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Fists fly in Winnipeg: Wheeler and Chiarot exchange pleasantries in practice altercation

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WINNIPEG — The gloves came off at Winnipeg Jets practice on Saturday.

A small scuffle that involved a couple of Jets players ensued after a point shot was taken by Blake Wheeler during a drill. That melee turned into fists being tossed between Wheeler and Jets defensemen Ben Chiarot, with Wheeler being sent to the dressing room by coach Paul Maurice after the fight broke up.

“It’s just boys being boys,” said Chiarot, who had a small cut on his nose after practice. “Tempers get up. Intensity in practice is always a good thing and that’s something we’re trying to bring here before the playoffs. I look at it as a good thing.”

Wheeler didn’t speak to the media following being sent off. He appeared to be sporting a welt over his left eye and tossed his helmet into the Jets bench before heading down the tunnel.

The Jets own a 10-point stranglehold on the second seed in the Central Division and appear set for their first playoff appearance in three seasons.

Winnipeg notched its 100th point of the season on Friday in a 3-2 overtime win against the Anaheim Ducks.

Mark Scheifele, who was in the vicinity, said he was just an innocent bystander in the ordeal.

“I didn’t do anything,” he said. “I was just sitting in the slot, I don’t know if I had anything (to do with it.)”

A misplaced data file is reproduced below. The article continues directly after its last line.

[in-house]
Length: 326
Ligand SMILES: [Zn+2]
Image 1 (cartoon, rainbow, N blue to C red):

Paul Maurice watched the fracas from center ice but didn’t say anything until Wheeler’s glove’s game off, at which point he yelled for the pair to stop.

“You’d like a few more of those during the year if you could,” Maurice said after practice.

When pressed as to why, Maurice spoke of keeping the intensity level high throughout the season.

“Our theory in how we practice is really short, as fast as we can, a full-contact sport,” Maurice said. “In the games, somebody gets an elbow up, somebody gets a piece of someone that happens and occasionally in practice that’s going to happen. It’s all good.”

Jets forward Adam Lowry said players were already moved on to the joking phase following the altercation.

“They might be mad at each other for 10 minutes, but you don’t expect a grudge to be held too long,” Lowry said. “I’m sure (by Sunday), they’ll be laughing about it.”

Asked if there would be any repercussions for either player, Maurice shared a joke.